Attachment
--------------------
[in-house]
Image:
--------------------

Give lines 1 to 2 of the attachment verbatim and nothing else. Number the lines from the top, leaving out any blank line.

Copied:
[in-house]
Image: